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Here are state laws we’d really love to see

By Edie Gross

The Free Lance-Star

The Virginia  General Assembly is back in session this week, and if the wind blows just right and you tilt your head just so, you can actually hear the sound of bipartisan bickering emanating from Richmond.

Which is actually pretty convenient since it saves you the trouble of having to drive down there yourself—and hunt for nonexistent parking near the Capitol—to hear it in person.

In an effort to cut down on the noise pollution and sow the seeds of unity, I’m proposing some legislation that I think all of us can get behind:

Mandatory minimum sentences for rubberneckers. If you’re so interested in that fender–bender on the side of the road, by all means, pull over, get out of your car, take some photos and post them on your Facebook page.

But that thing you do, where you stay in the travel lanes, tapping your brakes so you can slow down enough to get an eyeful of someone else’s misfortune—that just ticks off everyone behind you and causes a miles-long chain reaction that ultimately makes some poor guy in Maine late for work.

Thirty days on a roadside cleanup crew ought to cure you of your obsession. Even better for the rest of us, it’ll keep you out of traffic for a month.

Alternative health care benefits. If you have health insurance, many of your prescription drugs are covered. That’s all fine and well, but what about the over-the-counter stuff?

For instance, I find that I’m more alert, productive and able to resist the urge to hack at someone’s larynx if I’ve had a grande Starbucks iced coffee made with soy milk and five pumps of classic sweetener each day. That drink is medically necessary, for me and everyone around me.

I want my coverage. And trust me—you want me to have it, too.

Nougat Appreciation Day. This one’s really pretty self-explanatory, and longtime readers know this issue is near and dear to my heart. Some sample wording:

WHEREAS nougat is the mother of all edible adhesives, the glue that binds the chocolate to the caramel, the caramel to the little rice crisp crunchy things and the little rice crisp crunchy things to the all-important load-bearing wafer center,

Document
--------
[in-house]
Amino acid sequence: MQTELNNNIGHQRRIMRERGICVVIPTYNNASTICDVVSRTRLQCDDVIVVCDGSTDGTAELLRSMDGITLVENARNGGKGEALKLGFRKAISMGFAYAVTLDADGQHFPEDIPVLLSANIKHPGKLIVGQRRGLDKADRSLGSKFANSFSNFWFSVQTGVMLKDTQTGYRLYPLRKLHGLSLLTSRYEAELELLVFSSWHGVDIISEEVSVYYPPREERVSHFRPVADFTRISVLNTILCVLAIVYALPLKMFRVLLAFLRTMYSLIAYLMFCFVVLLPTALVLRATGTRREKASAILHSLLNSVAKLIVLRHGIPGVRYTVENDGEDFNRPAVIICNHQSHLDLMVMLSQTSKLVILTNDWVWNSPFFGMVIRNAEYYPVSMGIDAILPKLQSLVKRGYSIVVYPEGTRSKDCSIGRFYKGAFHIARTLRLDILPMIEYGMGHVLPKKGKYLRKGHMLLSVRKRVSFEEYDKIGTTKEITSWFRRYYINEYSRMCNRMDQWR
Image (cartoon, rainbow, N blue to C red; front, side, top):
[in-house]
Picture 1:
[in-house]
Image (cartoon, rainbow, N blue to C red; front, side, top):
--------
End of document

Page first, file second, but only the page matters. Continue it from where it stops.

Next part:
AND WHEREAS studies show that nougat and nougat-based snacks coat the brain in mood-elevating endorphins that cut down on psychotic episodes among women everywhere,

AND WHEREAS that makes nougat a key public safety component,

THEREFORE we, the Virginia General Assembly, hereby acknowledge nougat’s unrivaled contribution to the commonwealth’s peace, prosperity and collective sanity and set aside a day for its celebration.

Yellow Starburst Initiative. Everyone knows the red, orange and pink Starburst are the best. The yellow ones just take up space in the bag. This bipartisan initiative decrees that yellow Starburst can take up no more than 10 percent of the volume of any bag sold in Virginia, which is just enough to remind you how much better the other flavors are but not enough to interfere with your access to those other flavors.

Sporting Event Communications Act. This law, which has been a long time coming, states that if you call someone and interrupt them while they’re watching a key sporting event, it must be for one of the following reasons: Your life is in immediate danger and the person you’re calling is the only one on Earth who can save you.

Actually, that is the only reason.

Fines are doubled if you call during the last few minutes of the game and the score is close.

Fix red-light running. Forget the cameras. Instead, using state-of-the-art annihilation technology, we can simply affix weapons-grade lasers to each traffic signal. Run a red light and get vaporized.

No muss, no fuss, no paperwork. Also, no accidents.

That may come as a blow to the rubbernecking community. But a little state-sponsored nougat celebration will cheer them right up.

Edie Gross: 540/374-5428